Alaska’s Bubbling Thermokarst Lakes - NASA Goddard Video



Bubbles, bubbles, and more bubbles, in a steady stream. Many lakes in the boreal regions of Alaska are emitting methane, the product of decomposing organic matter left over from the Ice Age.

Thawing permafrost has caused areas of land to slump and fill up with water, creating these bodies of water called 'thermokarst lakes.' The water then exacerbates the thawing, expanding the size of the lake and producing even more methane. In the early cold season, ice covers the lakes and traps methane in large pockets just beneath the surface.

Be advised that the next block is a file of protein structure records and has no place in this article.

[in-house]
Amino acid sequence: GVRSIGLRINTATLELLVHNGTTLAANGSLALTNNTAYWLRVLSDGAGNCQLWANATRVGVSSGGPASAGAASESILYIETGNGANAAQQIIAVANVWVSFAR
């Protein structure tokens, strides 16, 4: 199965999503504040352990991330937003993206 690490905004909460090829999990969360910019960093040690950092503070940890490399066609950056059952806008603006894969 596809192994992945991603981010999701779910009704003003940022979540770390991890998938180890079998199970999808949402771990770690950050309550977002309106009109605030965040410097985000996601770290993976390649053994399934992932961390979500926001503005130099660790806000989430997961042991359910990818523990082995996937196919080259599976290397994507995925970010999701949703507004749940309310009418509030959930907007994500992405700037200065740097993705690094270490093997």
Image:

University of Alaska Fairbanks scientists working as part of NASA’s Arctic Boreal Vulnerability Experiment (ABoVE) find and measure the methane gas in these pockets seep-by-seep and lake-by-lake. ABoVE combines precise methane measurements from individual lakes with satellite data that can monitor lakes like these across the Arctic, to accurately model how much methane sub-lake seeps are adding to the atmosphere.

Credit: NASA's Goddard Space Flight Center/Jefferson Beck

For more information: https://blogs.nasa.gov/earthexpeditions/2016/08/23/mapping-methane-in-a-bubbling-arctic-lake/

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